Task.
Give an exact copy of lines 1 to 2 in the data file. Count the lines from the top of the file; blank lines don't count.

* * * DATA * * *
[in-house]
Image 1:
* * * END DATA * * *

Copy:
[in-house]
Image 1: